July 24, 2005

Man Shot to Death by London Police: Not a Terrorist After All

WorldMagBlog is linking to a New York Times article, published this morning, reporting that Scotland Yard admitted yesterday that the man gunned down by London police on the Tube last Friday was not connected to the terrorist bombings of July 7, or the attempted bombings of July 21st. The mayor of London, Ken Livingston, had issued "shoot to kill" orders for police, who previously did not carry firearms at all, in regard to terror suspects under certain circumstances. (For a good, short summary of events so far, see this post and this one by Josh at "Freedom Of..." He has yet to comment on the discovery that the man was innocent.)

Interestingly enough, before the announcement was made I had a discussion with some friends of mine as to whether or not the orders were justified. The ultimate outcome just shows the need for a fair, public trial in which an individual can defend himself. Police seem to have thought this man was wearing a bomb, and the shoot-to-kill order seems to have had to do with fear of detonating an explosive device if police shot to wound the man in the trunk, rather than shooting him in the head. What I want to know is how did it come about that the man was shot at all? According to this BBC report, it seems that the man was followed by plain-clothes officers from his home. When they identified themselves and issued instructions it is unclear to what degree he followed them, but he was clearly very frightened. Eyewitnesses reported that the man was already restrained before he was shot! An eyewitness interviewed by the BBC, Mark Whitby, said "they pushed him to the floor, bundled on top of him and unloaded five shots into him." This occurred on the Tube in front of a large number of passengers. If the man was already restrained and under the control of police, why on earth was he shot? Whitby described the man as "Asian," but, according to the New York Times, he has been positively identified as a Brazilian.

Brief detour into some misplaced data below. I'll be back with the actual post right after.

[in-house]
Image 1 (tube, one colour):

This story is typical of the type of panic that the terrorist attacks in the United States previously and in Britain now are intended to engender. They have, in that regard been very successful. In the US, immediately following the 9/11 attacks, Congress hastily passed the horrifically misnamed USA PATRIOT Act, apparently without reading it. The fear seems still to be here (or the federal government is making a shameless power grab, which I consider just as likely), as the House passed a bill to reauthorize the excessive law enforcement powers of the PATRIOT Act last Thursday (you can find out how your representative voted here). London is feeling the same kind of panic, and this is the reason for the arming of police in the first place. I certainly don't oppose arming the police (except that Britain has disarmed the populace, which makes armed police scary), but the police seem to be panicked as well. If we lose our heads we lose our freedom. We must opppose terrorists while also opposing excessive government power, and maintaining our rights. Even had Mr. Menezes been guilty, he would have deserved a fair trial. All the more so due to his innocence. There is a long tradition in English Common Law, later enshrined in the US Constitution, of "rights of the accused." Police in a free country cannot execute a man like this without a trial (particularly if the man is innocent). It seems clear and obvious that the force used was excessive. Britain has a tradition of criminal prosecutions against police in cases like this, and, since the officers were clearly at fault, I can only say that I hope it continues.

Posted by Kenny at July 24, 2005 3:30 PM
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